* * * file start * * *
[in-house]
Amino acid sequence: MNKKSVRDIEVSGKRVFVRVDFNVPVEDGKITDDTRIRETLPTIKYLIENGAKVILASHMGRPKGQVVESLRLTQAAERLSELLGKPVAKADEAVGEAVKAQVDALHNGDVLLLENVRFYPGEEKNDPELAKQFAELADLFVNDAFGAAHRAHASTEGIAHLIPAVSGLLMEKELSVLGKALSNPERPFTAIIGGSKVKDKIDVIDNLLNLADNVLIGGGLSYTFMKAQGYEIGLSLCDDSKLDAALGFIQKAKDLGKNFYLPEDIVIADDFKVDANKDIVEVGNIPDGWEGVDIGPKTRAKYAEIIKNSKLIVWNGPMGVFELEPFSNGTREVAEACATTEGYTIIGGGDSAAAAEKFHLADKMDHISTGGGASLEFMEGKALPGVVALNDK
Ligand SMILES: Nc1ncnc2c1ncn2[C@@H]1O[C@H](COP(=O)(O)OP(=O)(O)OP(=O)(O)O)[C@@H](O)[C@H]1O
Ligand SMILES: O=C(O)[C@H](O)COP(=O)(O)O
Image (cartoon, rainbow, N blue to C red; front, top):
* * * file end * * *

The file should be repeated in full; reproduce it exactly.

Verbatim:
[in-house]
Amino acid sequence: MNKKSVRDIEVSGKRVFVRVDFNVPVEDGKITDDTRIRETLPTIKYLIENGAKVILASHMGRPKGQVVESLRLTQAAERLSELLGKPVAKADEAVGEAVKAQVDALHNGDVLLLENVRFYPGEEKNDPELAKQFAELADLFVNDAFGAAHRAHASTEGIAHLIPAVSGLLMEKELSVLGKALSNPERPFTAIIGGSKVKDKIDVIDNLLNLADNVLIGGGLSYTFMKAQGYEIGLSLCDDSKLDAALGFIQKAKDLGKNFYLPEDIVIADDFKVDANKDIVEVGNIPDGWEGVDIGPKTRAKYAEIIKNSKLIVWNGPMGVFELEPFSNGTREVAEACATTEGYTIIGGGDSAAAAEKFHLADKMDHISTGGGASLEFMEGKALPGVVALNDK
Ligand SMILES: Nc1ncnc2c1ncn2[C@@H]1O[C@H](COP(=O)(O)OP(=O)(O)OP(=O)(O)O)[C@@H](O)[C@H]1O
Ligand SMILES: O=C(O)[C@H](O)COP(=O)(O)O
Image (cartoon, rainbow, N blue to C red; front, top):